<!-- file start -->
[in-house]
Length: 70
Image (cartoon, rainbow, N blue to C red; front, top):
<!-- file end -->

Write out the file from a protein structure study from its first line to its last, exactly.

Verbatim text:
[in-house]
Length: 70
Image (cartoon, rainbow, N blue to C red; front, top):